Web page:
Following my presentation/panel discussion on social networking the other day, here’s the analysis I gave of what I see as a three-step strategy when getting involved in social networking.
- Visibility: simply being there, registered with Facebook/MySpace/Twitter/Flick/YouTube, is the first step. People can find you. People can contact you. People who might otherwise never have known you existed. Join groups, post to forums and walls, and include as much information as possible on your profile: the more information, the more visible you are, because generally each piece of information (tags, interests, location, favourite books) then becomes a link. Of course, avoid including information that has security implications, such as home address/telephone/name of your dog.
- Connectivity: once you’ve made yourself as visible as possible for people to find you, become proactive in seeking connections. There are two ways you can do this: search, and browse. Searching (as you’d imagine) involves typing key terms into the site’s search box; but browsing is more interesting and potentially more successful: click on links within profiles and pages that are likely to lead to useful contacts – browsing through your ‘friends” friends, for example, is a good way to find potential contacts.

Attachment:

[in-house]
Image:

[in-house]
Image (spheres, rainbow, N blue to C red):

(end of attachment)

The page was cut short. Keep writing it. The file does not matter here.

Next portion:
- Tools: this is where it gets complex. Social networking sites have a raft of tools – both internally and externally built – that allow you to do anything from creating a slideshow to asking all your friends a question. Facebook, as well as its own polls, discussions, and groups, has hundreds of plug-in tools (Blog Friends is a particular favourite). They can add an extra dimension to your social networking, and not only provide new ways to find contacts (creating a group, for example, would be an obvious first step), but also to tap into that group knowledge and provide useful services. Subscribing to the social networking service’s own blog is a good way to get to know what’s happening.